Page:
Tullycraft has just dropped their new video for the track titled ‘Hearts at the Sound’ from their new album ‘The Railway Prince Hotel’ on HHBTM Records. The Seattle based band of artists solidify their quirky and melodic sound within a sound with this wonderfully memorable song with absolutely gorgeous vocal harmonies and a chugging beat that goes on and on with a relentless onslaught of hooks and chords that can make any music connoisseur smile.
From the band:
“Chris from Tullycraft used to work for a company that produced new products out of recycled glass. One of the items they made were small glass hearts. They were maybe 3 inches wide and they came in a variety of translucent colors. Chris and his family had an annual Valentine’s Day tradition where they would go to a public beach on Puget Sound and throw about 50 of these glass hearts into the water. The idea was that over time the tide would eventually bring most of the hearts back to the shore and future beachcombers would find them. I can only imagine the excitement and mystery of discovering one of these treasures in the sand. It was a great idea. My family and I joined Chris on a couple of these outings and it was big fun. We would always meet strangers on the beach that wanted to participate as well. It seemed that everyone enjoyed throwing hearts into the sound. This is the origin of the lyric “We’d thrown our hearts at the sound.”
‘The Railway Prince Hotel’ cover.
Tullycraft is known for writing indie-pop anthems. Over the years they’ve penned a handful of songs that practically define the twee movement in America. The chorus “Fuck me, I’m Twee!” was the refrain that launched a thousand t-shirts, “The Punks Are Writing Love Songs” introduced bratty punk to hummingbird twee, and “Pop Songs Your New Boyfriend’s Too Stupid to Know About” encapsulated an entire music scene in a single song. And yet despite this, for most, the band exists somewhere near the edges of obscurity.
Occasionally they receive a nod, like when their song “Superboy & Supergirl” was featured in the critically acclaimed Netflix series The End of the F***ing World, but these spotlights don’t tend to happen as frequently as one might think.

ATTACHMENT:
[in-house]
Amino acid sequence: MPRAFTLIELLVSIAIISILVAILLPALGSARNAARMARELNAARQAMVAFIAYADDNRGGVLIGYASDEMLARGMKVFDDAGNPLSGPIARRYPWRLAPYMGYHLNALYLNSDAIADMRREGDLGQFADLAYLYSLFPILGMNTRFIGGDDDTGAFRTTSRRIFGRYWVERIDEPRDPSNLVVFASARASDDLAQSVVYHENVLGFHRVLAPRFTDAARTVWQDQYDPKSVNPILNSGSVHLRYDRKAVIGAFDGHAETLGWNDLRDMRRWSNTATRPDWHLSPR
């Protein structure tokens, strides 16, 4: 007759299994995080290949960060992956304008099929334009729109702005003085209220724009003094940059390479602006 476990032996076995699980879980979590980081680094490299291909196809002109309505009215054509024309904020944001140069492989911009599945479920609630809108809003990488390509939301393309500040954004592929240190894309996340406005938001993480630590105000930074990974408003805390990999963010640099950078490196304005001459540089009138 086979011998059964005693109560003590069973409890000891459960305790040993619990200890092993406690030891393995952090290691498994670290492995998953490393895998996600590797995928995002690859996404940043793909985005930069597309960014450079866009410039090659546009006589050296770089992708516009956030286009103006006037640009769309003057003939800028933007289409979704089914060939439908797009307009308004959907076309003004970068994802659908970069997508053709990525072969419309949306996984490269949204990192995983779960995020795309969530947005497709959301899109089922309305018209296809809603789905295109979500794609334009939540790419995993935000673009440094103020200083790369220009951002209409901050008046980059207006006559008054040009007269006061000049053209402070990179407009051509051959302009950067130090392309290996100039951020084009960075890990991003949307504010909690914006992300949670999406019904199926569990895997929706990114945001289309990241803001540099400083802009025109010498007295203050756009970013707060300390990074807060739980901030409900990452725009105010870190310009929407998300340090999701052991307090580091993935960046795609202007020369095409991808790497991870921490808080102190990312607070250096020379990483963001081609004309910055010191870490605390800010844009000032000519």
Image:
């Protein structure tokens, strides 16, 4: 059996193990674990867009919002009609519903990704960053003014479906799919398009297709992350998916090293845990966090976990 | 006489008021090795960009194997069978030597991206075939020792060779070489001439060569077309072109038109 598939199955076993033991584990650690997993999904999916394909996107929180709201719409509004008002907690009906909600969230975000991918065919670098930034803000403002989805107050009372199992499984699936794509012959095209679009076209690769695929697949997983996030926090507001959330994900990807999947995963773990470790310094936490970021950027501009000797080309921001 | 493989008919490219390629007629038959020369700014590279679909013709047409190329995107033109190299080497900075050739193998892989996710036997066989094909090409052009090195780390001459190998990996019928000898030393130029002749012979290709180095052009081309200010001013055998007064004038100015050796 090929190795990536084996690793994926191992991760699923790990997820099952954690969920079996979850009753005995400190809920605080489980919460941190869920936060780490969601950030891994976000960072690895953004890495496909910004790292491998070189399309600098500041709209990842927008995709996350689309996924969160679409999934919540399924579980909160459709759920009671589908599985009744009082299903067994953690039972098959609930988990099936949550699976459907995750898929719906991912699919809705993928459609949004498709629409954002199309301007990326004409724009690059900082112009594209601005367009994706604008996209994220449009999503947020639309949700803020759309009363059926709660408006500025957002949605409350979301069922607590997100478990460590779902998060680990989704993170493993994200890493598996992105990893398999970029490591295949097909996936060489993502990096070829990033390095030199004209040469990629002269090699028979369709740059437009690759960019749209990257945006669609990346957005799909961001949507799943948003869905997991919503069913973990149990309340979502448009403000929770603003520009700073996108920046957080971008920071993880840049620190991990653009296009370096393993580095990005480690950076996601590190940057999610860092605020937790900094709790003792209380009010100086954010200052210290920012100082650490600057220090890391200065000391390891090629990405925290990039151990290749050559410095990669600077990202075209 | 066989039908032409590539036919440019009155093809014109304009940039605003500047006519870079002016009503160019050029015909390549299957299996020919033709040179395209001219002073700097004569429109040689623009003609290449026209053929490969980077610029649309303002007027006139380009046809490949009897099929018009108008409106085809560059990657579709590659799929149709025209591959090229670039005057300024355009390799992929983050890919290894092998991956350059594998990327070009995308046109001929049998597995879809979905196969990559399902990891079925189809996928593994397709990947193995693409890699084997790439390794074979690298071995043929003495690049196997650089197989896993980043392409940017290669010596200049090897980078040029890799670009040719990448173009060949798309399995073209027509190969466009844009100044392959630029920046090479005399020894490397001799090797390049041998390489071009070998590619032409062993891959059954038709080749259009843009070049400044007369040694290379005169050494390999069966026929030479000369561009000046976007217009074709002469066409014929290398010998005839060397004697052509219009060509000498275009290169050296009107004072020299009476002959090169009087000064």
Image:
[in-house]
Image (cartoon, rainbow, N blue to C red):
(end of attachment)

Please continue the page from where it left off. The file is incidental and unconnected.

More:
While the mainstream has largely ignored Tullycraft, their status in the indie pop underground is undeniable. Formed in 1995, they are considered to be one of the genuine pioneers of the American twee pop movement. Touring relentlessly during the last gasp of the truly independent indie-underground, they influenced countless young bands. They were once called “the Johnny Appleseed of Indie Pop – making their way across the country, leaving new bands, promoters, zines, and record labels to sprout up in their wake.” In recent years the band has stopped performing live, instead of shifting their focus to their personal lives, while still writing and recording music together.
The Railway Prince Hotel is Tullycraft’s seventh album, their first since 2013’s Lost in Light Rotation. This new batch of songs sees Sean Tollefson and Jenny Mears continue to share most of the vocal duties, while longtime musical stalwarts Chris Munford and Corianton Hale create most of the music. It would be selling Tullycraft short to say that The Railway Prince Hotel picks up where their last album left off. These new songs have a modestly different sound, somewhat due to the fact that long-time drummer (and original Tullycraft member) Jeff Fell, doesn’t make an appearance, but also because of the fresh approach, the band took to recording this record.
Equipped with lyrics, vocal melodies and rough basslines (provided by Tollefson) the band composed many of the new songs from the ground up in the studio. This was an untried approach for Tullycraft. The result is an extraordinary album of 12 ultra-catchy, whip-smart gems that take aim at everything from failed relationships to the danceability of Billy Joel songs. Throughout the album, the music has an exciting urgency which is likely attributed to both the band’s spontaneous recording process and the enthusiasm each member brought to the new material. Are the wonderfully snarky, self-referential indie pop lyrics still here? Of course, they are, this is Tullycraft after all.
A deep dive into the lyrics uncovers an embarrassment of obscure indie references to be discovered. It’s hard to imagine a band or artist genuinely hitting their stride on their seventh outing, but much like Achtung Baby (U2’s 7th album) or Blonde on Blonde (Bob Dylan’s 7th album) somehow Tullycraft has hit the sweet spot between deliberate and daring. The result is a truly great batch of songs. With standout tracks like “Passing Observations,” “Has Your Boyfriend Lost His Flavor on the Bedpost Overnight?” and the much too short “Lost Our Friends to Heavy Metal” – the question needs to be asked: Could The Railway Prince Hotel be Tullycraft’s true masterpiece? Honestly, it very well could be.